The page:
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Brand Portfolio: James Free Jewelers



Brand Portfolio: James Free Jewelers


Published in the May 2012 issue.

James Free Jewelers
Dayton & Montgomery, OH

Michael Karaman, owner of James Free Jewelers, says this is the year he will seriously begin to court online shoppers. He hired a company to redesign the website, which is scheduled to launch in late May. But his target audience isn’t confined to his traditional regional customer base of Ohio, Indiana and Kentucky.

“We’re trying to achieve national recognition and national customers,” Karaman says. “We’re going to reach out to people looking for a piece of jewelry anywhere and everywhere.”

Sara Johnson, director of digital marketing, says that James Free carries recognizable brands, associated with luxury and quality. “We want to stay true to our roots, but we really do have the quality and presence of a lot of higher-end brands,” Johnson says. “Why not go national?”


Johnson has spent much of the past six months spearheading a redesign of the website that will move strongly into e-commerce. She is one of four marketing employees for James Free, who work closely with Pierce Mattie Public Relations in New York. The marketing and advertising focus is split between an emphasis on upscale designs available at James Free for core customers who are about 35 to 54 — and secondarily, affordable bridal for the younger customer.

“Today in business, you have to be original,” Karaman says. “This is what I tell my creative people: You have to be so unique or witty that people laugh at it or remember it as something different. It keeps you top of mind.”

One branding message James Free would like to consistently convey is that “We will take care of you from generation to generation,” Johnson says. “Parents, children and grandchildren from the same families are all part of the customer base. We make sure each and every customer knows that whatever you buy from James Free, you are 100 percent protected and have peace of mind.



James Free’s brand portfolio is rounded out with promotions and frequent events, including private dinners with designers. David Poe of TW Steel shows Bengal pride with Who Dey, the official mascot for the Cincinnati Bengals during an in-store event.



Head coach of the Cincinnati Bengals Marvin Lewis is presented with a TW Steel timepiece, compliments of TW Steel and James Free Jewelers. TW Steel representative David Poe and Cincinnati store manager Michelle Randle accompany him in the presentation.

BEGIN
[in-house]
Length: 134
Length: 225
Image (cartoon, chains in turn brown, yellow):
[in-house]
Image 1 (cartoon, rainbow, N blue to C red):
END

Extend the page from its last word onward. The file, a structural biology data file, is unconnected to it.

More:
Signature rich-hued ribbons paired with plush jewel boxes and gift bags use the James Free branded colors and play up the logo. The paper and ribbon come from France, and each package has a wax seal. Sales associates all get lessons in the art of gift wrapping to make sure the look is precise and consistent.



The marketing team sends out three e-mail blasts a week on Sunday, Tuesday and Thursday, highlighting trends, says Johnson, who also handles Facebook, Twitter and YouTube accounts for James Free. The blog features input from the whole staff so that a variety of voices and outlooks is well represented.


A 40-page print catalog is published in November, for which the in-house marketing team schedules fashion shoots and photography. The catalog also features trend articles and is available online in PDF format.


National visibility is important as James Free reaches out to a wider audience. Sara Johnson, director of marketing, works closely with Pierce Mattie Public Relations in New York. The marketing team visited New York early this year, meeting with fashion editors to tell them about the James Free brand and its national initiative.


“Bridal is a totally different customer,” Karaman says. “They are first-time customers. You have to attract them and speak their language and give them what they’re looking for. They like radio, TV and billboards.” Johnson says her goal with bridal customers is to relay the message that James Free is not as exclusive as they might fear. “We work with every customer and give them the best for their budget. You can buy a $1,500 engagement ring. We try to engage them young so when they come back and want to upgrade, they have the confidence to return.”


James Free promotes its affiliation with well known brands while extending offers to holiday and summer shoppers.


James Free is known in Dayton and Cincinnati for its designer brands and fine watches. Billboards are also a good way to reach bridal customers.





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Hosting a going-out-of-business sale when the coronavirus pandemic hit wasn’t a part of Bob Smith’s game plan for his retirement. Smith, the owner of E.M. Smith Jewelers in Chillicothe, Ohio, says the governor closed the state mid-way through. But Smith chose Wilkerson, and Wilkerson handled it like a champ, says Smith. And when it was time for the state to reopen, the sale continued like nothing had ever happened. “I’d recommend Wilkerson,” he says. “They do business the way we do business.”

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